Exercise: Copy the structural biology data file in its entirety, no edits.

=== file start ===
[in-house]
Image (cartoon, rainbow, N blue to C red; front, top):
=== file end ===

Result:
[in-house]
Image (cartoon, rainbow, N blue to C red; front, top):